Real Estate

Meet Baltimore’s most aggressive buyer of vacant rowhouses: ‘We’re helping here’

Gil Brenner pushed open the door of a vacant East Baltimore home and stepped into the darkness, past the feathery remains of a dead bird in a dank living room with mud-strewn carpet and rotted wall paneling.

The company where Brenner works, GNR Group, paid $43,000 for this home in Elwood Park, he said.


“This is actually pretty good. It’s even better than pretty good. It’s great,” Brenner said before stepping on a soft spot and feeling the floor bend under his weight. “Whoa.”

GNR Group, a Philadelphia-based firm, appears to be the most aggressive homebuyer in Baltimore since 2019, according to an analysis of state data by The Baltimore Sun.

Gil Brenner, GNR Property Management CEO, walks to a home in the 700 block of North Rose Street, one of the properties his company owns, on July 6, 2022.

Brenner, CEO of the firm’s property management wing, is proud of that. The company has been buying and renovating hundreds of vacant homes in the city’s poorer neighborhoods. The plan is to lease them to low-income Baltimoreans who get vouchers from the government to cover most of the rent.

To Brenner and GNR Group, the math is simple. There is a surplus of residents with housing choice vouchers who need good homes, there are investors who want consistent returns on their money, and there are thousands of empty rowhouses in Baltimore.

Housing advocates, however, say this approach runs counter to the intent of the voucher program by pushing the poorest residents into unstable neighborhoods with few social services or amenities.

Brenner frames it as an opportunity to transform neighborhoods and address the crisis of vacant buildings in Baltimore, where the official count of vacant houses hovers around 15,000 (though many developers say the actual number is higher).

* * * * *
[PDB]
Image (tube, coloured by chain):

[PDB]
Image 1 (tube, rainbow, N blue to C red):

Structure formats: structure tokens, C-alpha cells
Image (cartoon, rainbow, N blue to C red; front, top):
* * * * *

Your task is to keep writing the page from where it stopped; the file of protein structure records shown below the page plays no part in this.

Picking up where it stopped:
The rotting homes are magnets for crime and Baltimore’s vacants catch fire at twice the national rate. Three firefighters were killed in January when a burning, vacant home collapsed.

Democratic Mayor Brandon Scott created a task force after the fire to recommend possible solutions.

Meanwhile, investors like GNR Group kept buying.

Asked about GNR Group and other investors buying and renovating vacants in Baltimore, Scott responded with a statement.


“We want vacant properties brought back into productive use and put back onto the tax rolls, rather than just held by absent owners and becoming eyesores,” he said.

Del. Marlon Amprey as he campaigned outside an early voting site at the Public Safety Training Center in Baltimore.

Del. Marlon Amprey, a West Baltimore Democrat, represents several neighborhoods where GNR Group invests. He introduced a bill earlier this year to mandate a 90-day pause on any home purchase by large investors in Maryland to give individual homebuyers and small firms a chance to make competing offers. The legislation died in committee.

The idea was to create more balance in a housing market where investors can easily out-price the average homebuyer, said Amprey, who plans to introduce a similar bill in 2023.

“I am not against investors. I want people to invest in Maryland. I want people to invest in Baltimore. We need more people investing and companies coming to our city,” Amprey said. “But at the same time, we’ve got to make sure that the pathway to homeownership is available for every Marylander.”